Just in time for the Halloween season, a story of zombie-like gypsy moths. It has apparently been known for some time that among invertebrates, parasites are able to affect and change the behavior of their host in a zombie-like fashion. The exact mechanism through which this is accomplished, however, has not been known.
Now, in a study published in Science Magazine, scientists studying gypsy moths reveal that they have found a genetic basis for these aberrant behavioral changes. In particular, the study states that:
Gypsy moths infected by a baculovirus climb to the top of trees to die, liquefy, and “rain” virus on the foliage below to infect new hosts. The viral gene that manipulates climbing behavior of the host was identified, providing evidence of a genetic basis for the extended phenotype.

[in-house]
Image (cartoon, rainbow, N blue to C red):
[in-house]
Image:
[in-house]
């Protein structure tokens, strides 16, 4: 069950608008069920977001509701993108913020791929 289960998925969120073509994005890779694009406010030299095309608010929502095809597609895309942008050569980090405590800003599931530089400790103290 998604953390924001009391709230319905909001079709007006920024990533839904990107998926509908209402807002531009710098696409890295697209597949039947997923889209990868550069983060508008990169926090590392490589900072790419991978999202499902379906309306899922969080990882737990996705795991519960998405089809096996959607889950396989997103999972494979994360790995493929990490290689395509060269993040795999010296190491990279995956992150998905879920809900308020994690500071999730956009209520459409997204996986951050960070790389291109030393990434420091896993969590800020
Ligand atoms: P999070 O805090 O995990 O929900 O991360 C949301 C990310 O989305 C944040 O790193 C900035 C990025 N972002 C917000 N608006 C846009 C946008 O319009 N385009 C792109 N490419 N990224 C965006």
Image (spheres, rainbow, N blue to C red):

OK, so zombies are not just the stuff of science fiction. Somehow, not really all that surprising.
However, what really freaks me out about this story is that apparently the USDA Animal and Plant Health Inspection Service (APHIS) and The Northern Research Station have in the past partnered up to produce this baculovirus to use in the control of gypsy moth populations.(See here.)
But if this genetic link is only now being discovered, it means that we have been playing Russian roulette with germ warfare without really knowing what we were doing.
Scary, but again, somehow not really all that surprising.